NEW YORK – On the edge of the SoHo neighborhood downtown, The Henley Vaporium is an intimate hipster hangout with overstuffed chairs, exposed brick, friendly counter help – but no booze.
Instead, the proprietors are selling e-cigarettes, along with bottles of liquid nicotine ready to be plucked from behind a wooden bar and turned into flavorful vapor for a lung hit with a kick that is intended to simulate traditional smoking. A hint of banana nut bread e-juice lingered in the air one recent afternoon as patrons gathered around a low table to chat and vape. Others sidled up to the inviting bar for help from a knowledgeable “vapologist.”
Places such as Henley are a rarity, even in New York. But “vaping,” itself, has had astonishing growth; in eight years or so, the number of enthusiasts around the world has grown from a few thousand to millions. Believed by some to be the invention of a Chinese pharmacist, vaping now has its own YouTube gurus, trade associations, lobbyists, online forums and vapefests for meet-ups centered on what enthusiasts consider a safer alternative to the “analog,” their name for tobacco cigarettes.
The U.S. Food and Drug Administration plans to regulate e-cigarettes but has not yet issued proposed rules. Right now, the agency’s website simply says, “E-cigarettes have not been fully studied so consumers currently don’t know the potential risks,” including how much nicotine or other chemicals are inhaled, or if e-cigs “may lead young people to try ... conventional cigarettes.”
Whether vaping helps regular smokers quit or leads nonsmokers to nicotine addiction isn’t known. Vaping might be safer – there are differing opinions – but it isn’t necessarily cheap.
Will Hopkins, 21, a dog walker in black leather jacket and skull ring, visits Henley four or five times a week. He smoked a pack of full-strength Marlboros a day for eight years, until he took up vaping.
The same goes for his buddy, Will Gallagher, 20, a photographer who has been vaping for two years and is fond of his brass mod, a cylindrical device that’s larger than a cigarette and decorated with a tiger and Chinese lettering.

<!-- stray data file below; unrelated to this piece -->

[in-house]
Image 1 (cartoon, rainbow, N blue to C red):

“I think both of us have poured in probably a little over a thousand” dollars, Gallagher said of their equipment. “I like the exclusivity of vaping. I like to keep changing up my stuff.”
The men are into rebuilding tanks and rewiring coils, scouting new e-liquid flavors and adjusting their devices, which can cost up to $300 at Henley, to allow for more vapor, more flavor. But the co-owners of Henley count older smokers among their clientele as well.
E-cigarettes are usually made of metal parts combined with plastic or glass and come in a variety of shapes and sizes. They heat the liquid nicotine solution, creating vapor that quickly dissipates when exhaled. The vapor looks like tobacco smoke and can feel like tobacco smoke when taken into the lungs at varying strengths, from no nicotine up to 24 milligrams or more.
Whether vaping is cheaper than a cigarette habit is up to how much is spent on equipment and liquids and how often one vapes. A 15-milliliter bottle of liquid at Henley can go for $12 and might be roughly the equivalent of four packs of cigarettes, depending on the strength of the liquid and leaf cigarette, among other factors like how many puffs a smoker takes in. Rechargeable devices require batteries – another expense – and a starter kit for reuse that comes with a device can run around $66.
By comparison, the cost of a 20-cigarette pack of regular cigarettes can range from about $5 to about $15, depending on what state its purchased in and the cigarette tax there.
Critics said e-cigs might serve as a tobacco gateway for uninitiated young people.
“It may be smoking e-cigarettes, but it’s still smoking,” said U.S. Sen. Richard Blumenthal, D-Connecticut, who was one of four senators to fire off a scathing letter to NBC and the Hollywood Foreign Press Association after a spoof on e-cigs aired in January during the Golden Globes.
Proponents argue that vaping isn’t only safe but is helping people quit smoking. The Henley has a white “wall of doom,” where it lists in big black letters the numerous tars and chemicals found in tobacco cigarettes, but absent in e-cig use if one is careful about the liquids purchased.
“What’s so beautiful about this product is we can take people from a high level of nicotine down to zero, down to nothing, so they’re just vaping basically water and flavoring,” Henley co-owner Talia Eisenberg said.